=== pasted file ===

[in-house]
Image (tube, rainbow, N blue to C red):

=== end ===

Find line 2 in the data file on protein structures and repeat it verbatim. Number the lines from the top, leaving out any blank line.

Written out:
Image (tube, rainbow, N blue to C red):